What constitutes a blast radius?
Most, if not all of us, are familiar with the Chernobyl nuclear plant disaster, deemed the worst in human history, occurring on April 26, 1986. The aftermath, both in terms of cost and casualties, is still evident and palpable today. This tragic event resulted from a simulated exercise aimed at testing the resilience of coolants. With proper planning and analysis, the impact could have been mitigated. The blast radius, measuring the impact area, became a term associated with this disaster.
While we are not dealing with a scenario that could lead to such extensive casualties, exercising due diligence is imperative to minimize adverse impacts on any production system whenever changes are implemented.
In the tech world, metaphorically speaking, the severity of impact is gauged as the blast radius. Reliability stands out as a crucial key performance indicator (KPI) for both systems and tech teams. Therefore, it is essential to be well-acquainted with the tools and processes to limit the blast radius.
Salesforce, like numerous other platforms and microservices, offers features and patterns designed to fulfill multiple purposes concurrently if well understood. Simple features can serve as an excellent strategy for disaster control or mitigating the blast radius in adverse conditions.
It’s important to note that the term “blast radius” is utilized to measure the magnitude of disasters in various aspects of the software lifecycle, including microservices, security, reliability, cloud infrastructure, deployment, and access management. However, this write-up primarily focuses on the security and reliability of applications.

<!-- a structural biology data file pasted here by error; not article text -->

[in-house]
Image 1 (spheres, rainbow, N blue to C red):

Effects are determined by layers of software. In the context of the blast radius perspective in Salesforce, the impact layers are typically conceptualized as follows:
In this blog, I will elaborate on the patterns that have proven to be both widespread and effective in constraining the blast radius within the realm of software. These patterns include:
- Bulkhead Pattern
- Circuit Breaker Pattern
- Service Registry Pattern
Strategies for Damage Mitigation
When discussing security concerns, our immediate focus often shifts to potential hacks and unauthorized access. Indeed, implementing access control measures and robust security practices forms an effective strategy for disaster management. This damage-limiting approach is known as the bulkhead pattern, borrowing its name from naval terminology.
Similar to a compartment in a ship designed to contain damage and enable other sections to function accurately (albeit at reduced capacity), the bulkhead pattern in software swiftly isolates unforeseen issues. This ensures minimal impact on customers while streamlining the process of identifying and resolving problems. Ultimately, this approach creates a win-win situation for all stakeholders involved.
Some considerations for scenarios on the Salesforce platform:
a) Ensure that any newly developed features are encapsulated within permission sets or custom permissions, akin to creating bulkheads. Distribute features and accesses across these permission sets or custom permissions to maximize the effectiveness of this pattern.
b) Implement a strategy to compartmentalize features into distinct individual components, acting as bulkheads. This could involve employing an apex helper pattern, creating reusable Lightning Web Components (LWC) dedicated to specific features, or establishing an integration framework comprised of multiple components serving different purposes sequentially. Alternatively, consider a service-based integration framework to further enhance compartmentalization.